This asana is also one of the twelve postures of Surya Namaskar, or Sun Salutations. As such, it is a prostration, which means, “to bow down” to prana or to life force. Each pose in the traditional Sun Salutation sequence is associated with a mantra, giving a little more depth to the meaning of the pose. The mantra paired with Downward Dog is “om maricaye namaha,” which means “salutations to the Lord of the dawn.” This pose is therefore directly tied to reverence of the sun.
How to Do Downward Dog
There are a few ways to come into Downward Facing Dog, with entry points that include Child’s Pose, High Lunge, Table Top, and Standing Forward Fold. Once you are familiar with one method of coming into the pose, entrance into it from the others will become intuitive. Focus on alignment and then allow your flow into this pose to unfold naturally.
- Begin in Table Top position. Hands are directly beneath your shoulders on the mat and knees are directly beneath your hips. Your back should be parallel with the floor and fingers should point forward.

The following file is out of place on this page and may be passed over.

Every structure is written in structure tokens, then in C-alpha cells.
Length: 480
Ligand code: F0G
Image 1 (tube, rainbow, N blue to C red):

- Spread your fingers wide and press through the entire surface of your hands. Tuck your toes in preparation to push up off the mat.
- On an exhalation, push back to lift your knees off the floor. Your tailbone reaches up towards the ceiling. Draw your sit bones towards the back wall while keeping a slight bend in the knee. The legs should be straight but the knees unlocked.
- Pull up through the pelvis as you lengthen your spine. Press through your heels and hands in equal measure, engaging quadriceps and arm muscles.